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Patent Issued for Methods and Structure for Improved Buffer Allocation in a Storage Controller

August 12, 2014



By a News Reporter-Staff News Editor at Information Technology Newsweekly -- According to news reporting originating from Alexandria, Virginia, by VerticalNews journalists, a patent by the inventors Rizzo, James A. (Austin, TX); Velayudhan, Vinu (Fremont, CA); Weiner, Adam (Henderson, NV); Chandra, Rakesh (Santa Clara, CA); Nguyen, Phillip V. (San Jose, CA), filed on March 28, 2012, was published online on July 29, 2014.

The assignee for this patent, patent number 8793443, is LSI Corporation (Milpitas, CA).

Reporters obtained the following quote from the background information supplied by the inventors: "The invention relates generally to storage systems and more specifically relates to methods and structure for efficient, reliable buffer allocation for processing within a storage controller of a clustered storage system.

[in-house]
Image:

"In the field of data storage, customers demand highly resilient data storage systems that also exhibit fast recovery times for stored data. One type of storage system used to provide both of these characteristics is known as a clustered storage system.

"A clustered storage system typically comprises a number of storage controllers, wherein each storage controller processes host Input/Output (I/O) requests directed to one or more logical volumes. The logical volumes reside on portions of one or more storage devices (e.g., hard disks) coupled with the storage controllers. Often, the logical volumes are configured as Redundant Array of Independent Disks (RAID) volumes in order to ensure an enhanced level of data integrity and/or performance.